US CNAP sets pace as Australian industry continues “holding breath” for overdue cybersecurity policy
- 26 February, 2016 11:42
Australia's security industry is on tenterhooks waiting for the pending release of the government's revised national cyber security policy, the release of which one expert believes will be crucial in initiating a new wave of security investment and skills development.
“We've been holding our breath for a long time” for the release of the policy, Nuix CEO Eddie Sheehy told CSO Australia. “A lot of work was done on it last year, but having the present PM's grouping of ministers, and his own stamp on it, will be very important to actually getting tangible detailed actions” to improve the country's cybersecurity posture.
Sheehy, who was one of several dozen Australian security experts who travelled to San Francisco this month as part of AusTrade's Digital Technology Australia-United States Business Week, pointed to US President Obama's recent Cybersecurity National Action Plan – which backs rhetoric on cybersecurity with clear action points and funding commitments – as an example of the type of cybersecurity policy that Australia needs to embrace to deliver an effective, meaningful response to increasing threat levels.
“The release of the national security strategy would get people serious about having the right level of meetings to drive up the awareness of individuals for their responsibility in fixing this,” he said. “A lot of Australian CSOs know about threats but the fear factor is there, and I don't think they know what to do. We should all be helping them in that.”
In October, prime minister Malcolm Turnbull rejected a draft report of the Australian cybersecurity review on concerns that it offered too little by way of practical initiatives; a deadline has not been set for the revised document, which Sheehy says he is both meatier and given more teeth as an enforcement tool.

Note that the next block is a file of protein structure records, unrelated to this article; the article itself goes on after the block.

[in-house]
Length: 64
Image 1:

Education around technologies such as 2-factor authentication will help boost overall security, as will a redoubled effort to impress upon the users the importance of “hygiene elements” such as not using simple passwords to protect sensitive corporate resources.
“There should be a ground-up education undertaken,” he explained. “However secure our environments are now, the threats are increasing. We have to increase our level of knowledge, but we also have to stop making the easy mistakes. And we've got to start to make ourselves small targets” by fixing poor password hygiene and other common mistakes.
Support for mandatory breach legislation will play a role in improving the overall awareness around cybersecurity in Australia, Sheehy said, noting that building effective cybersecurity defences here inherently relied on a collaborative 'carrot-and-stick' approach that “will be a much better solution for Australia because we don't have the same depth of cybersecurity expertise as there is in the US.”
Reiteration of strong policy support for the cybersecurity industry – already made to some extent by the $30m Cyber Security Growth Centre announced in December – will “feed the talent pool” and encourage more companies to bring their talented staff to Australia, Sheehy said.
“I'm a huge believer that the pace of change in technology over the last few years is getting faster and faster,” he said, adding that defensive efforts would fall behind “unless we actually apply that change to things like cybersecurity. The best part is that the conversations are being had – and if you can get all of those views out in public, you can start to create policies on them.”
The AusTrade event's climate of sharing was the kind of thought-provoking exercise that would help identify commonalities across the sector and drive future policy innovation based on shared principles. It also highlighted commonalities between the Australian and US delegations to the event, which saw a strong consensus around the importance of privacy and universal backing of Apple in its escalating stoush with the US government over iPhone privacy.
“I was in a room full of 50 people that included some very high-powered American organisations,” Sheehy said, “and not one of them really believed that Apple should break the encryption on that iPhone. There needs to be better ways of doing this, but it's really good to see America talking about privacy. In the end, people have to be true to what they are.”
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